Today mankind has moved a step further, with genetically altered crops, and shortly will move to genetically altered animals. Much of the opposition to GM foods happens despite the fact that they will increasingly allow farmers to produce crops with reduced pesticides, or even no pesticides; and that they may use modern agricultural methods that prevent soil erosion, conserve water and preserve biodiversity in ways that ‘organic’ agriculture cannot (2).

Facing the increasingly obvious fact that crops on ‘organic farms’ are unprotected from all those veracious insects, slugs, snails, mice and so on – and that they are competing with a lot more weed plants than previously experienced – the plants, as natural selection demands, respond. The laws of natural selection make plants hate being eaten. Mankind, as the protector of his crops, is careful to attack everything that challenges their wellbeing, selectively poisoning and discouraging the weeds and insects. Some pretty fierce poisons were used in the past.

GM crops protect the chosen crop by incorporating into the crop chemical substances harmless to humans but lethal to predatory insects. The crop is also protected against certain herbicides that wipe out its competitors but are not taken up by the crop. The crops are safe for humans to eat; they also tend to be cheaper to produce with heavier croppage.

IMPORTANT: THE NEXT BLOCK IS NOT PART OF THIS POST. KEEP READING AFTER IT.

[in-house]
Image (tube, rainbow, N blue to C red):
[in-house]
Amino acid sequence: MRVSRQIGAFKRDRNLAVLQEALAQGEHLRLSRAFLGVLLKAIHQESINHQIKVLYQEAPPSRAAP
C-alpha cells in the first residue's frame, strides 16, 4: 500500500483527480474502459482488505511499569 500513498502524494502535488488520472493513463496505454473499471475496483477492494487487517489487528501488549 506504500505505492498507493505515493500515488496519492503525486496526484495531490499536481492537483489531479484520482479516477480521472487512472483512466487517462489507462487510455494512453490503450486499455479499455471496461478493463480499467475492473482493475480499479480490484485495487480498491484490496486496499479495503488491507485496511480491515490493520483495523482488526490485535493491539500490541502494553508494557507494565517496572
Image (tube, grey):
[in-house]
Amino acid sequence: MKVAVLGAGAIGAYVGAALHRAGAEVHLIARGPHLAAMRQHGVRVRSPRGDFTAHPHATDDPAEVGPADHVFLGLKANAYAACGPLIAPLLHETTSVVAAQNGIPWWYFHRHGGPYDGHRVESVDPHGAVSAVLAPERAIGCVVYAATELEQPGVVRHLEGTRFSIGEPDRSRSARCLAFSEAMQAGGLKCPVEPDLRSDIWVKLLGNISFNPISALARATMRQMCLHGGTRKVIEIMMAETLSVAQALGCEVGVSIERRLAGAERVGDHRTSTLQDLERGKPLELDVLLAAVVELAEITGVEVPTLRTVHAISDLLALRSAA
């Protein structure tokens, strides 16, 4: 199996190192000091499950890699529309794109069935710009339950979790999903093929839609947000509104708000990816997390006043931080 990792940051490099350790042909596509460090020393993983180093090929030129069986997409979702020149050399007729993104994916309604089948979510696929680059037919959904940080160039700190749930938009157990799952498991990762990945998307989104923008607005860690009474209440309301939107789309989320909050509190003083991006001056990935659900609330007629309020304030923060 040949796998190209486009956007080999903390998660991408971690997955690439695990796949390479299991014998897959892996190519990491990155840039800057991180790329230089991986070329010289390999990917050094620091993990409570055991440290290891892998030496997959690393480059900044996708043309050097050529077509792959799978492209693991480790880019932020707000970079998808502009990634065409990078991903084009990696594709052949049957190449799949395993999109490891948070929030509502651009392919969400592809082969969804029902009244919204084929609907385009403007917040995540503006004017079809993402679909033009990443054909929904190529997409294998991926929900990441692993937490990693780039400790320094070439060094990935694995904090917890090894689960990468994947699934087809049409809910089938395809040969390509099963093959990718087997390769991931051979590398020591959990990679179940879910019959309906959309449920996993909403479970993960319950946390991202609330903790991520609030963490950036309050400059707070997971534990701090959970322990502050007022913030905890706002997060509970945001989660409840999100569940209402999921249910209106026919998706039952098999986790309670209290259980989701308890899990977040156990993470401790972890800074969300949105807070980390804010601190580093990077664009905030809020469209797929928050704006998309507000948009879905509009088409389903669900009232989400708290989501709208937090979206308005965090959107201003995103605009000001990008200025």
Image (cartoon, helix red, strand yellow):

However, there has appeared on the scene a group of people who would throw us all back to the poison and toxin days. The ‘organic’ supporters of the green movement would have us believe that organic vegetables are more nutritious. Making a credit out of having their vegetables unprotected by the farmer, they are walking into a minefield of re-emerging poisons and toxins as the plants react to rodents, birds, insects and micro-organisms.

Why do people believe in such frauds as the ‘organic foods’ racket? Obviously, if we are to go back to the methods of feudal times, without the aids of fertilisers and weed-killers, presumably looking toward ploughing with horses, the process is going to get very labour-intensive, and therefore expensive. The only people that could afford to pay the market price would be the affluent.

Go to the supermarkets, where a new section has appeared labelled ‘Organics’. Never mind that hundreds of thousands of years have gone into developing the foodstuffs of today by the farmers and agriculturalists, and are in consequence far from ‘natural’. Organic vegetables and fruit will always be in short supply because they are so expensive and time-consuming to produce. But as with antique furniture, that, of course, is precisely their attraction.

The most uncomfortable furniture now commands a fantastic price solely because it is in short supply. Grotesque household goods command the same attention. Instead of building solid modern homes the rich spend hundreds of thousands on turning decrepit barns and fallen-down farmsteads and stricken churches into trendy homes. Why do we want to go back to the past?

(1) Thomas DeGregori, The Origins of the Organic Agriculture Debate, Iowa State University, 2003

(2) ‘Warning – organic foods contain higher levels of chemicals dangerous to infants’, Alex Avery, AgBioView, 16 March 2003

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Topics Science & Tech